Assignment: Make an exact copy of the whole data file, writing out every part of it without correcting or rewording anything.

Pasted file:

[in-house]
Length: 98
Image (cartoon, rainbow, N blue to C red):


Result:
[in-house]
Length: 98
Image (cartoon, rainbow, N blue to C red):